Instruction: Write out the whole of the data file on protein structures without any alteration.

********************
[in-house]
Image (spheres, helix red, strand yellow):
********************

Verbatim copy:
[in-house]
Image (spheres, helix red, strand yellow):